SCIENCE | By Ethan Gysbertsen
Hello, and welcome to The Universe's Instruction Manual where our motto is, "You don't need math to know stuff." It is also where I hope to tell you about how awesome the universe we live in really is.
THE STORY SO FAR
It is December 2015 on planet Earth. We are orbiting 149,600,000 kilometers from the sun, and we have our moon orbiting us at a distance of 384,400 kilometres. All very stable. But let’s back track, and see how December 2015 came to be. We start at the present day, and take the first step backwards, to about:
We humans have only been around for 200 000 years, our species is a pin prick compared to the Earth's time scale, and we haven't even gotten to the good stuff yet. By the way, if you are wondering, mammals started 200 million (200,000,000) years ago, a bit after the dinosaurs. Let's speed up a little:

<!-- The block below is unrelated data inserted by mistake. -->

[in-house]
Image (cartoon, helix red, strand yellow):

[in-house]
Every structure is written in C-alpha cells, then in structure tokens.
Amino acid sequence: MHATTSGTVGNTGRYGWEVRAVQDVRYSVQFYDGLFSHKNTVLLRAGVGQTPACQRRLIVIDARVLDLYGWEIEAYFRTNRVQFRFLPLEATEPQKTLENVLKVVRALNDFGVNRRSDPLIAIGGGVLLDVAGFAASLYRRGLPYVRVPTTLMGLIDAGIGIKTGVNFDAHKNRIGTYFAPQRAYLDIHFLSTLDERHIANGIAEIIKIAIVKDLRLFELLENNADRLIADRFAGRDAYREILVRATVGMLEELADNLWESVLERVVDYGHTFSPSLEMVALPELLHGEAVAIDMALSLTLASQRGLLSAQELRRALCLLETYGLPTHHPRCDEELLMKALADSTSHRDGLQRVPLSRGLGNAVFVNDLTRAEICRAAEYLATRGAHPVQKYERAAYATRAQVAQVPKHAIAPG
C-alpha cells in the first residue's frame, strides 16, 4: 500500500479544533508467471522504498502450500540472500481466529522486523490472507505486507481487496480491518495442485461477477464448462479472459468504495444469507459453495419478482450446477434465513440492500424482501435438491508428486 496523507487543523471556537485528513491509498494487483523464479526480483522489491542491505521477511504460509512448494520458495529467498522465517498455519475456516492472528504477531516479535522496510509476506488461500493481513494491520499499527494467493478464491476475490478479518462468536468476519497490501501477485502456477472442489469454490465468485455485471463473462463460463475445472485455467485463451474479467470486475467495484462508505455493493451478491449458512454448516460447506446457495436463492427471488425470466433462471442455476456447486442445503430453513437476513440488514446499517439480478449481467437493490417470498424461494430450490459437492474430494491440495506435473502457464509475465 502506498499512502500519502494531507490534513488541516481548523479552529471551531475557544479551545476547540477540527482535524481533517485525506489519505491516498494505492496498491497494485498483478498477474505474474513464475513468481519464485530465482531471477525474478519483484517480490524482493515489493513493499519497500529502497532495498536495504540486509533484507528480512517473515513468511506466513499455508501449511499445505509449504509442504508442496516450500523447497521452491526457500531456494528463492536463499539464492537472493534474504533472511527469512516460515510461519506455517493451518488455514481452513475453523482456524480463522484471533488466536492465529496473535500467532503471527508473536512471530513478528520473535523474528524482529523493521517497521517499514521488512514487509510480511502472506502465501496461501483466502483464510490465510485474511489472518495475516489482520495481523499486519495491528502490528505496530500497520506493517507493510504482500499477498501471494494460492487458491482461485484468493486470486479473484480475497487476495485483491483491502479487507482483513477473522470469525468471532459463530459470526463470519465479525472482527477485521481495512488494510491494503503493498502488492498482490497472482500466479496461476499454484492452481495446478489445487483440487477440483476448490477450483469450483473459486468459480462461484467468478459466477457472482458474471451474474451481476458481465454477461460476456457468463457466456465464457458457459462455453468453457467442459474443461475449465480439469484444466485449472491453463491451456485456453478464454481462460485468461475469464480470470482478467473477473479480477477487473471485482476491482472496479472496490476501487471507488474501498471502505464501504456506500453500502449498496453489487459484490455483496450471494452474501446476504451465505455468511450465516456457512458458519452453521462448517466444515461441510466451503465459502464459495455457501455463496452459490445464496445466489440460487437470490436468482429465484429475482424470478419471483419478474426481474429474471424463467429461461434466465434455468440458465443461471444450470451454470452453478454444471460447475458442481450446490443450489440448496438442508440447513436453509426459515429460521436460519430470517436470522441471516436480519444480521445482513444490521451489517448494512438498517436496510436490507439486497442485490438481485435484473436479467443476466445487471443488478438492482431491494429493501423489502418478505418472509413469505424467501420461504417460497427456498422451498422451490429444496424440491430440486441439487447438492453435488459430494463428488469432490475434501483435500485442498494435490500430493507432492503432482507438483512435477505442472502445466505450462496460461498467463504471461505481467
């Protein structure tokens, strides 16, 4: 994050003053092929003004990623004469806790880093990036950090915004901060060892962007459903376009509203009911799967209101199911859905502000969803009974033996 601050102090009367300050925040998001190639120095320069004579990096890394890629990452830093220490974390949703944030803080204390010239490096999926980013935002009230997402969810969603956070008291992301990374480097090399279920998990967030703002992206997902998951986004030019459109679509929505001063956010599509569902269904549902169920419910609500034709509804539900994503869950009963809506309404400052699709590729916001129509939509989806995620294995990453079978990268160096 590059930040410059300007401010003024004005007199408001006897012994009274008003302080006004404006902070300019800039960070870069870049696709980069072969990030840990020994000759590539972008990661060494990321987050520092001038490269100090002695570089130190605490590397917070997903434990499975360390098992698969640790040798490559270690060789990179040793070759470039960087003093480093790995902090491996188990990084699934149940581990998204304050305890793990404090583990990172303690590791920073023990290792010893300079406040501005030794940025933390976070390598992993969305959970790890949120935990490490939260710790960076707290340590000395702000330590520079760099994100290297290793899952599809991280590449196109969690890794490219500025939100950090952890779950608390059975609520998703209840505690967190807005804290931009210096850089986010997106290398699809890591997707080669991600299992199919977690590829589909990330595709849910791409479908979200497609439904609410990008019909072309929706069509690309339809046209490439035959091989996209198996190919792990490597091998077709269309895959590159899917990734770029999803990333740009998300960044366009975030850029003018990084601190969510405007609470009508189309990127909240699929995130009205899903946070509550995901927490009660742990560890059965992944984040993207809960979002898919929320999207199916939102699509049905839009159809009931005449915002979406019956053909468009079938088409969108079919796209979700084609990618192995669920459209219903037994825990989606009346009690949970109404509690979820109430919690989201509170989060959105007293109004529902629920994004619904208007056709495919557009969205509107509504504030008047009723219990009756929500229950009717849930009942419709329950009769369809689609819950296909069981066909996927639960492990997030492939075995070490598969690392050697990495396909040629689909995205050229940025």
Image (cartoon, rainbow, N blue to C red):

Before this the Universe was dark, composed of mostly hydrogen, some helium, if you were lucky some lithium, and was quite a bit smaller than it is today.
The Universe started as a point smaller than an atom, but in 10^-35 seconds it spontaneously inflated to the size of something you could hold in your hand. At three minutes, protons and neutrons were created. This dense ball of plasma, energy and space continued to expand outwards, spreading out all the energy of the billions of billions of galaxies that populate the Universe today, emitting the stuff that became everything you have ever known.
Before that, we don't really know. The Big Bang was the beginning of everything, not just energy and matter, but the very concepts of space, of time itself. Meaning there was no Time before the Universe. The Universe is everything there ever has been, all time and space; so to say, "What was there before the big bang?" is a paradox in itself, and your guess is as good as mine.